Al Mohler recalls talking to a pastor who, during the course of the conversation, said to him, “You know, one day, they’re going to put us in a box and they’re going to lower us into the ground and they’re going to throw dirt over us and they’re going to go back to the church and eat potato salad.”
It’s a sobering, if humorous, anecdote, which highlights an important reality: We are all dispensable. No matter how valued or valuable we might be in this life, our usefulness carries an expiration date.
This is the central theme of Psalm 146. The writer calls his readers to place their trust in God, not in men. He writes, “Put not your trust in princes, in a son of man, in whom there is no salvation” (v. 3). Instead, we should hope in Yahweh, who reigns forever (v. 10). Robert Grant captured it well:
Frail children of dust, and feeble as frail,
in you do we trust, nor find you to fail.
Your mercies, how tender, how firm to the end,
our Maker, Defender, Redeemer, and Friend!
The writer’s burden is clear: He wants his readers to forsake ultimate trust in humans and instead place that trust in God. As you read the psalm, he offers at least four reasons that ultimate trust in human beings is misplaced.
First, people are fallible. “There is no salvation” in human beings (v. 3). In other words, people can’t always deliver on what we need. Of course, this is not an absolute truth; people sometimes do deliver what we need. Your accountant may deliver on your tax returns. Your doctor might make a correct diagnosis, which may lead to a quick recovery. Your estate agent might find you the perfect house just when you need it. The writer’s intention is not to suggest that human beings never deliver what they promise, but that they cannot (unlike God) infallibly do so. At some point, human wisdom will fail to deliver what you need.
Second (it is implied) people are flawed. The psalmist implies this when he writes of God, “who keeps faith forever” (v. 6). In other words, God always keeps his promises. He never disappoints his people. Human beings, on the other hand, do disappoint. They may do their best, and many people may be largely reliable, but nobody perfectly keeps faith. Your spouse genuinely loves you, but he or she will not always love you as you need to be loved. Your parents genuinely want what is best for you, but they sometimes make mistakes. Your pastors genuinely care for your soul, but they are flawed and will sometimes disappoint you.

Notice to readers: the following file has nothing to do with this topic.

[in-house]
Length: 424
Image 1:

Third (again by way of implication) people fail. By “fail,” I mean that people sometimes sin. Unlike God, who always executes justice for the oppressed (v. 7), humans sometimes add to the oppression of the oppressed. In vv. 7–9, the psalmist lists a series of ways in which God proves to be a righteous God. They are also ways in which people sometimes prove unrighteous. The point is this: God never wrongs anybody; human beings do. Your friends may be generally trustworthy, but they are sinful people who will sometimes sin against you.
Fourth, people are fleeting. “When his breath departs, he returns to the earth” (v. 4). It is foolish to place ultimate trust in humans because every human being has an inescapable appointment with death and cannot help you beyond the grave. Only Yahweh will reign forever (v. 10). Only he is worthy of our full trust.
Human beings are fallible. They are flawed. They sometimes sinfully fail. Their lives are fleeting. For all these reasons, and perhaps for others, eternal hope is terribly misplaced when it is placed in human beings. Be thankful for reliable, trustworthy friends and family in your life, but allow Psalm 146 to remind you that, for all the reasons stated above, your eternal hope must be placed in Yahweh alone. He is your Maker, Defender, Redeemer, and Friend.